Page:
Precision Irrigators Network: On-Farm Research Demonstration to Evaluate Irrigation Scheduling Tools in the Wintergarden and Texas High Plains
G. Piccinni, D. Leskovar, W. Harman, B. L. Harris
Proper management of irrigation water is increasingly important for growers in the High Plains and Wintergarden, two of the most important agricultural production regions in Texas. Water pumping and allocation limits imposed by the Edwards Aquifer Authority and local water districts constrain production in these areas.
Due to these constraints, the need arose for growers to shift their irrigation strategy from full/unlimited water application to a strategy where irrigation must be used to minimally supplement rainfall and available soil moisture. The Texas Water Development Board, recognizing the need for agricultural production to become more efficient in their water use and to foster adoption of precision irrigation practices, funded a project entitled Precision Irrigators Network: On-Farm Research and Demonstration to Evaluate Irrigation Scheduling Tools in the Wintergarden and High Plains (known as the Precision Irrigators Network or PIN II). The project was developed by Texas AgriLife Research and Texas Water Resources Institute and was initiated February 14, 2006. Scientists in the High Plains and Wintergarden with Texas AgriLife Research and Extension Centers at Amarillo and Uvalde worked with growers to demonstrate the need for real-time knowledge of crop water use and the necessity for careful attention to the amount of water available to effectively irrigate and manage crops to optimize economical production.
Specific objectives of the PIN II project included: 1) encouraging producers to implement limited irrigation to alleviate excessive water use; 2) conducting on-farm demonstrations where growers were actively involved in evaluation of precision irrigation programs that best fit their farms; 3) educating growers about precision irrigation and use of tools such as potential ET, crop water requirements and soil water availability; and 4) determining the effectiveness of decision support systems, such as Crop Evapotranspiration (ET) and Crop Simulation Models (i.e., CroPMan) and Crop ET, for optimizing timing and quantity of in-season irrigation. Throughout the two-year span of the project 21 grower fields were involved in demonstrations in the High Plains and 18 grower fields involved in the Wintergarden. An additional 5 growers were involved in vegetable crop demonstrations for monitoring soil moisture, but these growers were not subject to modeling.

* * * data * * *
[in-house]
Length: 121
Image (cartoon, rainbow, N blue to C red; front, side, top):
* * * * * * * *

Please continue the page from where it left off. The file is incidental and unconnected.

Data collected from on-farm research demonstrations for row crops was used to validate the CroPMan model as these methods provide producers the ability to manage irrigation and production practices in a most water efficient manner.
This project built upon successes achieved through the Precision Irrigators Network: On-Farm Research Demonstration to Evaluate Irrigation Scheduling Tools project (PIN I) initiated December 1, 2005. The results of these projects continue to help High Plains and Wintergarden growers increase irrigation efficiency and improve irrigation strategies, as well as provide crop coefficients and water-use requirements of agronomic and vegetable crops.